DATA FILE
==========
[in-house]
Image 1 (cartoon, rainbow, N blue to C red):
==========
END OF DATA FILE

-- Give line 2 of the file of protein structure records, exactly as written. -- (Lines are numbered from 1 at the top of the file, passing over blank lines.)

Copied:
Image 1 (cartoon, rainbow, N blue to C red):